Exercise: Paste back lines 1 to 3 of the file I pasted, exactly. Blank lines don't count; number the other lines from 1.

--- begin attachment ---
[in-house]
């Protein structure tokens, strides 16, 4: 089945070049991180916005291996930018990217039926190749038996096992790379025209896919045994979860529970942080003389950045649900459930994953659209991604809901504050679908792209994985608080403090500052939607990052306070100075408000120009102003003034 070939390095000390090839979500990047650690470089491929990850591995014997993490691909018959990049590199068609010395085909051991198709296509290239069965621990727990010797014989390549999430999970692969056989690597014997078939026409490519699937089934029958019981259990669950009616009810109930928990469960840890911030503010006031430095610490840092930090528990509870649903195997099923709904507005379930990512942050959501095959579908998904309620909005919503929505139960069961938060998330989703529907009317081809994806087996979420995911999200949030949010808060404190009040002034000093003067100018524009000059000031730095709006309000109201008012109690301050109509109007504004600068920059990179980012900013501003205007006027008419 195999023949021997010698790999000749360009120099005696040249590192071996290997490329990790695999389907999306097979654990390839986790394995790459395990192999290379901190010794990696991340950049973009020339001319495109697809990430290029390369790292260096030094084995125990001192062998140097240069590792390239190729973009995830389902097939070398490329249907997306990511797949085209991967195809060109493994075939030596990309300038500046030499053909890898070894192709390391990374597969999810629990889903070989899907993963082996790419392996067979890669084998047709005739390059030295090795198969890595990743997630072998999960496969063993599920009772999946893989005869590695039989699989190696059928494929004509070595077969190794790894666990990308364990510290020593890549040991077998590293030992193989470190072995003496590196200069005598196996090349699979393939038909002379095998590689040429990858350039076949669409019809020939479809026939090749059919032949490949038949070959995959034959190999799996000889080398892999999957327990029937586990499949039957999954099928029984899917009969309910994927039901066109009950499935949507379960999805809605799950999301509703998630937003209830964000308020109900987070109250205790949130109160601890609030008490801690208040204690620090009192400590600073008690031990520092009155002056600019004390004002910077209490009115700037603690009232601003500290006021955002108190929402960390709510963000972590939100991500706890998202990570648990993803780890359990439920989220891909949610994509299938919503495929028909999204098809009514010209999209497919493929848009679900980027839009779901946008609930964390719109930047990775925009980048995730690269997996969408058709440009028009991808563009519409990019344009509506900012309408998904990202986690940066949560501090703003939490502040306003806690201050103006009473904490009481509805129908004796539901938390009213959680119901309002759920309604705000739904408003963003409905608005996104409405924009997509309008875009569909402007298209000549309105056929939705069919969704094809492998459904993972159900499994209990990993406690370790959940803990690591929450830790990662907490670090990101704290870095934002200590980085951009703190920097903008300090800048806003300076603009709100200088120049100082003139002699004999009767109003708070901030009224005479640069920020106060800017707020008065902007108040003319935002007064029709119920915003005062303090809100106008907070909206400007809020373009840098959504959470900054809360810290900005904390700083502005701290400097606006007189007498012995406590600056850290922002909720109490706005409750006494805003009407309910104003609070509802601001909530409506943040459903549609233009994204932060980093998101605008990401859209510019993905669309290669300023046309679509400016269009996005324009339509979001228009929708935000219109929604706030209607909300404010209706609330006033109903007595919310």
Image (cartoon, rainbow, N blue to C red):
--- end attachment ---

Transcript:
[in-house]
């Protein structure tokens, strides 16, 4: 089945070049991180916005291996930018990217039926190749038996096992790379025209896919045994979860529970942080003389950045649900459930994953659209991604809901504050679908792209994985608080403090500052939607990052306070100075408000120009102003003034 070939390095000390090839979500990047650690470089491929990850591995014997993490691909018959990049590199068609010395085909051991198709296509290239069965621990727990010797014989390549999430999970692969056989690597014997078939026409490519699937089934029958019981259990669950009616009810109930928990469960840890911030503010006031430095610490840092930090528990509870649903195997099923709904507005379930990512942050959501095959579908998904309620909005919503929505139960069961938060998330989703529907009317081809994806087996979420995911999200949030949010808060404190009040002034000093003067100018524009000059000031730095709006309000109201008012109690301050109509109007504004600068920059990179980012900013501003205007006027008419 195999023949021997010698790999000749360009120099005696040249590192071996290997490329990790695999389907999306097979654990390839986790394995790459395990192999290379901190010794990696991340950049973009020339001319495109697809990430290029390369790292260096030094084995125990001192062998140097240069590792390239190729973009995830389902097939070398490329249907997306990511797949085209991967195809060109493994075939030596990309300038500046030499053909890898070894192709390391990374597969999810629990889903070989899907993963082996790419392996067979890669084998047709005739390059030295090795198969890595990743997630072998999960496969063993599920009772999946893989005869590695039989699989190696059928494929004509070595077969190794790894666990990308364990510290020593890549040991077998590293030992193989470190072995003496590196200069005598196996090349699979393939038909002379095998590689040429990858350039076949669409019809020939479809026939090749059919032949490949038949070959995959034959190999799996000889080398892999999957327990029937586990499949039957999954099928029984899917009969309910994927039901066109009950499935949507379960999805809605799950999301509703998630937003209830964000308020109900987070109250205790949130109160601890609030008490801690208040204690620090009192400590600073008690031990520092009155002056600019004390004002910077209490009115700037603690009232601003500290006021955002108190929402960390709510963000972590939100991500706890998202990570648990993803780890359990439920989220891909949610994509299938919503495929028909999204098809009514010209999209497919493929848009679900980027839009779901946008609930964390719109930047990775925009980048995730690269997996969408058709440009028009991808563009519409990019344009509506900012309408998904990202986690940066949560501090703003939490502040306003806690201050103006009473904490009481509805129908004796539901938390009213959680119901309002759920309604705000739904408003963003409905608005996104409405924009997509309008875009569909402007298209000549309105056929939705069919969704094809492998459904993972159900499994209990990993406690370790959940803990690591929450830790990662907490670090990101704290870095934002200590980085951009703190920097903008300090800048806003300076603009709100200088120049100082003139002699004999009767109003708070901030009224005479640069920020106060800017707020008065902007108040003319935002007064029709119920915003005062303090809100106008907070909206400007809020373009840098959504959470900054809360810290900005904390700083502005701290400097606006007189007498012995406590600056850290922002909720109490706005409750006494805003009407309910104003609070509802601001909530409506943040459903549609233009994204932060980093998101605008990401859209510019993905669309290669300023046309679509400016269009996005324009339509979001228009929708935000219109929604706030209607909300404010209706609330006033109903007595919310």
Image (cartoon, rainbow, N blue to C red):